To the Editor: When I was a medical student at the University of Cape Town, South Africa, in the mid-1950s a wise old professor introduced me to the treatment concept of masterly inactivity. Sometimes just waiting and seemingly doing nothing is the favoured therapeutic modality. Over a lifetime in medicine, I have seen many occasions when this approach was successful, and other times when physicians, including myself, have broken this rule with unfortunate and anti-therapeutic results.
Source: South African Medical Journal 105, pp 333 –334 (2015) http://dx.doi.org/http://dx.doi.org/10.7196/SAMJ.9684More Less
A filtration unit that can deliver cheap, safe drinking water to 200 people for 3 years, giving dysfunctional rural municipalities more than enough time to fix broken pipes and polluted water sources and/or increase their maintenance capacity, is being ignored by South Africa (SA)'s health officials.
Source: South African Medical Journal 105, pp 334 –336 (2015) http://dx.doi.org/http://dx.doi.org/10.7196/SAMJ.9682More Less
Source: South African Medical Journal 105, pp 337 –338 (2015) http://dx.doi.org/http://dx.doi.org/10.7196/SAMJ.9683More Less
The South African Medical Association (SAMA) is investigating setting up a fund to compensate patients who fall victim to unavoidable adverse events (through no fault of their treating physician), while working with government to improve the overall quality of care in both the public and private sectors.
Source: South African Medical Journal 105, pp 338 –339 (2015) http://dx.doi.org/http://dx.doi.org/10.7196/SAMJ.9555More Less
Source: South African Medical Journal 105, pp 342 –344 (2015) http://dx.doi.org/http://dx.doi.org/10.7196/SAMJ.8996More Less
Foreign bodies (FBs) are potentially life-threatening when inhaled by a child, depending on where they lodge. Symptoms can range from acute upper airway obstruction to mild, vague respiratory complaints. Between 80% and 90% of inhaled FBs occlude the bronchi, while the larynx is a less common site. The commonest inhaled paediatric FBs are organic, e.g. seeds or nuts. Plastic FBs are less common and more difficult to diagnose. They are generally radiolucent on lateral neck radiographs and are often clear and thin. We report three cases of an unusual plastic laryngeal FB, the bread tag. Plastic bread tags were first reported in the medical literature as an ingested gastrointestinal FB in 1975. Since then, over 20 cases of gastrointestinal complications have been described. We report what is to our knowledge the first paediatric case of an inhaled bread tag, and also the first case series, briefly discuss the symptoms and options for removal of laryngeal FBs, and highlight the dangers of the apparently harmless bread tag. Images of the bread tags in situ and after their removal are included.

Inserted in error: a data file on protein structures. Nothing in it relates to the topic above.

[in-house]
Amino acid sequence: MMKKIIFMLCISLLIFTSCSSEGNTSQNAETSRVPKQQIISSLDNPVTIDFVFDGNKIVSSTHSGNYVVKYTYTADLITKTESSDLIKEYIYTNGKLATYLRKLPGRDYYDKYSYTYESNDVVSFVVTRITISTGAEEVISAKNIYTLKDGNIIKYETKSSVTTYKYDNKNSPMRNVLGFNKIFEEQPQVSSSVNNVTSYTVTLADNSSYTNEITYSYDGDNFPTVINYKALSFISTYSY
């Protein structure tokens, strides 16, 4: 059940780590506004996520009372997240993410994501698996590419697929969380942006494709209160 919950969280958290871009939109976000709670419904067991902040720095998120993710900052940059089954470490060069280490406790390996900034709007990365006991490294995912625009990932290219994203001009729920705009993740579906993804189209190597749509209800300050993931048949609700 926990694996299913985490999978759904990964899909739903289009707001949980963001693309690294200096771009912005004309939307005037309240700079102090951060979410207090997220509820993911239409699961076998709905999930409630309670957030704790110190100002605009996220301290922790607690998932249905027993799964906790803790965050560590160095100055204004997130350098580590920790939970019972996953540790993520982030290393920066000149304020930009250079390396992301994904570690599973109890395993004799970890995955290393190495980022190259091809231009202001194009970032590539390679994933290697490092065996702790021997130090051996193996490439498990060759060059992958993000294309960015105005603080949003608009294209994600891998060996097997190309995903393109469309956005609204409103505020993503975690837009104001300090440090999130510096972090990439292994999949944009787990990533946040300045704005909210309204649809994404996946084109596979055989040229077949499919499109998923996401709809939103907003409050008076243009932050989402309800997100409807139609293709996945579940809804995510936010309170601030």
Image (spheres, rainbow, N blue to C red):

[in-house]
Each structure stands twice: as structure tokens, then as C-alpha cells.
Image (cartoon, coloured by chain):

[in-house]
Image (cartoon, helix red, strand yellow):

Updated recommendations for the management of upper respiratory tract infections in South Africa : forum - recommendationsSource: South African Medical Journal 105, pp 345 –352 (2015) http://dx.doi.org/http://dx.doi.org/10.7196/SAMJ.8716More Less
Background. Inappropriate use of antibiotics for non-severe upper respiratory tract infections (URTIs), most of which are viral, significantly adds to the burden of antibiotic resistance. Since the introduction of pneumococcal conjugate vaccines in South Africa in 2009, the relative frequency of the major bacterial pathogens causing acute otitis media (AOM) and acute bacterial rhinosinusitis (ABRS) has changed.
Recommendations. Since URTIs are mostly viral in aetiology and bacterial AOM and ABRS frequently resolve spontaneously, these recommendations include diagnostic criteria to assist in separating viral from bacterial causes and hence select those patients who do not require antibiotics. Penicillin remains the drug of choice for tonsillopharyngitis and amoxicillin the drug of choice for both AOM and ABRS. A dose of 90 mg/kg/d is recommended for children, which should be effective for pneumococci with high-level penicillin resistance and will also cover most infections with Haemophilus influenza. Amoxicillin-clavulanate (in high-dose amoxicillin formulations available for both children and adults) should be considered the initial treatment of choice in patients with recent antibiotic therapy with amoxicillin (previous 30 days) and with resistant H. influenza infections pending the results of studies of local epidemiology (β-lactamase production ≥15%). The macrolide/azalide class of antibiotics is not recommended routinely for URTIs and is reserved for β-lactam-allergic patients.
Conclusion. These recommendations should facilitate rational antibiotic prescribing for URTIs as a component of antibiotic stewardship. They will require updating when new information becomes available, particularly from randomised controlled trials and surveillance studies of local aetiology and antibiotic susceptibility patterns.